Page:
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        • #5
          Here is my 2 cents: Around 5 years ago we wanted to upgrade our B2 press.
          At the time we had a Presstek 34di 2-up and a conventional Man-Roland 204 B2 Press. Our platemaking was done on a modern CTP system.
          As we already had CTP our logical upgrade path was a Man-Roland 304 og 505 or similar Komori/Heidelberg.
          We wanted a machine with automatic/semiautomatic plantechange, all washers, and color control with scanning densitometer.
          5 years ago a machine with those specifications was a bit more expensive then today, and it was more money than I was willing to spend on a upgrade..


          I had seen the 74 Karat on previous Drupa's and always been impressed with it's special features, compact size, inking unit and so on, we knew the DI technology from our small 34DI and liked it.
          One day I stumbled upon a 74 Karat for sale, the printshop was closing down and they wanted to sell all their equipment, I made a bid on the Karat and got the machine.
          In a period of 1,5 months we sold the Man-Roland and got the KBA 74 Karat installed instead and even got money to spare - that cheap was the Karat.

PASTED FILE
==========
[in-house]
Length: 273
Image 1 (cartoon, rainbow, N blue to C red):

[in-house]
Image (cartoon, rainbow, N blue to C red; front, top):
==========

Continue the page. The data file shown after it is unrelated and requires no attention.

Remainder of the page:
I know that the Man-Roland 204 wasn’t the most modern press but anyway, the difference between the Man-Roland and the 74-Karat was like night and day.
          With the Man Roland it used to take around 30-50 minutes and a lot of make-ready sheets, depending on the form, to get a perfect print.
          Now with the Karat it takes 12-15 minuttes and 5-10 sheets of make-ready sheets to get a perfect print no matter how difficult the form is, and the color stays the same from the beginning till the end of the run.

          Today we still use our 74-karat, and we even installed a second one in 2016, if we had the room we would consider installing a third on.
          I think it is a press that you either love or hate. Traditional pressmen seems to hate it. Folks coming from a digital background seems to love it.
          As long as you know that it is a press and not a Printer. You will get your hands dirty, There will be maintenance and you will have to clean the press.

          The only thing I would trade the Karats for would be a Heidelberg Anicolor XL75.
          But then again, I haven’t got the room for 2 presses, I need to buy a CTP and have the room for it, and I guess that you could have 50-70 karats for the same price as the Heidelberg.

          All in all - we love our Karats